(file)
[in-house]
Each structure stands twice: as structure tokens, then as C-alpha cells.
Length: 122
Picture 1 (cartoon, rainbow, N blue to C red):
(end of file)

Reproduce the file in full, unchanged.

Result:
[in-house]
Each structure stands twice: as structure tokens, then as C-alpha cells.
Length: 122
Picture 1 (cartoon, rainbow, N blue to C red):